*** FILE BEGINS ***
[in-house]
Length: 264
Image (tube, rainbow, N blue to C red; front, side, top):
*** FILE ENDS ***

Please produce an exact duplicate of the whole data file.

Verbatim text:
[in-house]
Length: 264
Image (tube, rainbow, N blue to C red; front, side, top):